Senate Democrats are set to sink Republicans’ police reform plan, vowing to block the bill on a key procedural vote Wednesday.
The partisan clash comes a week after Republicans unveiled the measure, led by Sen Tim Scott (R-S.C.), the only African American GOP senator. Senate Democrats, who have their own proposal to curb police misconduct, argue the bill doesn’t go nearly far enough.
The likely outcome is a deadlocked Senate once again, with both parties accusing the other of failing to negotiate in good faith, even as the country engages in a reckoning over police brutality in the aftermath of George Floyd’s killing by Minneapolis police.
Senate Republicans argue that Wednesday’s vote is a way to begin the police reform debate and that the process will allow for consideration of amendments. Democrats say there’s no point in voting to advance a bill they see as fatally flawed and that won’t have the 60 votes needed to pass the Senate.
Instead, Democrats are calling on Republicans to come back to the negotiating table to come up with a bipartisan solution that the Senate can then vote on. The Senate minority is particularly frustrated that GOP leaders put the bill on the floor before holding any talks to craft the plan or consider it in committee.
In a letter to McConnell Tuesday, Senate Minority Leader Chuck Schumer (D-N.Y.) and Sens. Cory Booker (D-N.J.) and Kamala Harris (D-Calif.) said that the GOP police reform proposal was “not salvageable” and wouldn’t work even as a baseline for negotiations. Democrats have also highlighted opposition to the GOP proposal from civil rights groups, including the NAACP Legal Defense and Educational Fund and the Leadership Conference on Civil and Human Rights.
“The question simply is this, who do you trust on police reform in America, the NAACP or Mitch McConnell?,” Booker asked Tuesday at a news conference. “The reality is the legitimacy of this process that we’ve been pushing all the time, asking for real reform, has been betrayed by what Mitch McConnell is doing through this procedure that he has set up to fail this moment.”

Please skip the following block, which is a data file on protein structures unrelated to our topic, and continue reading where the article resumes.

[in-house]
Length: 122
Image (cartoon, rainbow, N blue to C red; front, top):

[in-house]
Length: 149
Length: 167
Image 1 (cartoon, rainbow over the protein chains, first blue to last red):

The GOP bill requires additional disclosures about the use of force, codifies reporting requirements on the use of “no knock warrants,” provides incentives for chokehold bans and makes lynching a federal crime.
The Democratic proposal would ban chokeholds and no knock warrants in federal drug cases. It would also limit qualified immunity for police officers to make it easier to sue police — something Democrats argue is key to holding police officers accountable for misconduct, but which most Republicans won’t consider. The House is set to pass a sweeping Democratic police reform proposal Thursday.
Senate Republicans are accusing Democrats of wanting to campaign on the issue and say that if they want to improve the bill, they can do so through the amendment process. In his floor remarks Tuesday, Scott argued that the two proposals are not as far apart as Democrats are suggesting. For example, he said, both sides want to pass anti-lynching legislation and provide de-escalation training.
“Why can’t both sides agree on a motion to proceed?” Scott asked. “If there’s that much commonality in the underlying legislation, if we’re all watching the same pictures that we have all found disgusting and unbelievable, why can’t we agree to tackle the issue in a substantive way here on the floor of the world’s greatest deliberative body?”
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